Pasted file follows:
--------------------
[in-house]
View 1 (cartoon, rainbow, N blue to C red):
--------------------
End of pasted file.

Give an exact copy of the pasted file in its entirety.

[in-house]
View 1 (cartoon, rainbow, N blue to C red):